Employers are been encouraged to endorse vocational qualifications so by 2014, they will have the same weight as academic qualifications.
Ministers say the move will give young people information on which courses offer good job prospects. Under the move, exam boards will be asked to show the quality of the qualifications they offer by winning support from businesses or universities.
Only those qualifications which have public backing will be included in school league tables from 2016, the Department for Education (DfE) said.
Vocational courses that lead to recognised occupations, for example in areas such as engineering or hospitality, will need to be endorsed by five employers registered with Companies House or professional organisations.
These new qualifications will become known as Tech Levels, and will be the same size as an A-level, the DfE said.
Other vocational courses that are not directly linked to a particular industry will need the support of three universities, and will have to be at least the equivalent size of an AS-level, the DfE said.
New Tech Levels will count towards the government's new Technical Baccalaureate.
To achieve the TechBacc, 16 to 19-year-olds in England will have to complete a programme of three separate courses, including a Tech Level, a maths course, and the ''extended project'' - an existing qualification designed to test skills such as writing, communication and research.
The TechBacc, which will not be not be a qualification but a measure to use in league tables, is due be introduced this autumn.
Skills minister Matthew Hancock said: "Tech Levels will recognise rigorous and responsive technical education.
"High-quality rigorous vocational education is essential to future prosperity, and the life chances of millions.
"Because technical education is so important, it is vital the qualifications young people take are stretching, high-quality and support their aspirations.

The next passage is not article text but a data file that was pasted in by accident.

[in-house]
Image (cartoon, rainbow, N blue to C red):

"These reforms are unashamedly aspirational and will ensure Tech Levels help people into apprenticeships and jobs."
Neil Carberry, CBI director of employment and skills, said: "We're facing a critical skills shortage in key industries, which risks holding back long-term recovery - that's why we've been calling for tough new vocational qualifications to help bridge the gap.
"The litmus test is that Tech Levels offer the gold-standard training that employers want, while not being seen as second-class.
"Courses must have stretching subject knowledge; rigorous assessment; hard-nosed practical experience, and be a stepping stone to a great career.
"It's right that businesses will have a strong voice in Tech Levels' design but they need to command respect across entire sectors.
"We must make sure the approval process can show broad industry backing, using subject panels and sector bodies - not just a handful of firms."
Shadow minister for young people Tristram Hunt said: "After three years of the Government downgrading vocational education, there are almost a million young people unemployed.
"It's no surprise that David Cameron and Michael Gove are now desperately playing catch up while Labour sets the agenda on skills.
"It is right that pupils have a choice of taking new vocational courses, but Michael Gove needs to reassure parents that it will be a gold standard to sit alongside A-levels and not an afterthought.
"Labour's plans for a Tech Bacc would ensure that pupils do rigorous vocational courses accredited by employers, English and Maths to 18 and a quality work experience placement."